Women with dark skin drew me to the field of literacy. In Bolivia, people with the lightest skin are considered to be more beautiful, educated, and wealthy. Their skin is light because they were afforded the luxury of going to school indoors, working indoors and wearing sunscreen. The majority of people in Bolivia, women especially, have thick, dark, wrinkled skin and strong bodies. They farm and rear children in the hot sun at 9,000 feet above sea level their entire lives. They do not have time for school, as they need to tend to their farm to survive while many of their husbands spend the money they have on coca leaves and alcohol.
The children of these women do not go to school regularly because they also need to help cook and farm and raise children. They are often translators for their mothers who do not speak Spanish, but a language called Quechua. I was honored to teach a group of these women emergent Spanish literacy with the help of a few of their feisty bilingual children. They shared with me their desire to learn Spanish so they could sell their beautiful hand-woven wool blankets to tourists and gain freedom.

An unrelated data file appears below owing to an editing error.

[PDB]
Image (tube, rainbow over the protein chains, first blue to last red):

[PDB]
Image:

When I returned to the United States, I was dedicated to learning how to effectively teach literacy to those who may remain oppressed by their illiteracy. I am now studying to become a reading specialist at Columbia University, a place I never imagined my ADHD self would be capable attending. I was not diagnosed with ADHD until I was 20 years old, after years of therapy and incorrect diagnoses. I moved to Bolivia in the first place because I had just finished college and needed some time away from the structure of school. I ended my undergraduate degree in English strong; however, everyone in my family was surprised I even graduated high school.
My experience in education was a long, frustrating process. I am only now really figuring out how to effectively study and organize my work. When I was first diagnosed with ADHD I was frustrated with my all of my previous teachers and my parents for not knowing what was wrong, or helping me learn in a way that I could be successful. Now, I am grateful for the hardship, and I believe it has made me a more unique and passionate educator. As a reading specialist, I plan to continue to work in elementary schools where early literacy intervention can give freedom and choices to students with disabilities and students in low-income communities who often do not receive the right kind of teaching to support their unique way of learning. I want to be able to help the students I work with, and also help other teachers learn how to understand and teach students with differences.
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